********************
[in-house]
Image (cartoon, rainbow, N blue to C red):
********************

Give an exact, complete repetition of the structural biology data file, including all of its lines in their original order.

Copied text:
[in-house]
Image (cartoon, rainbow, N blue to C red):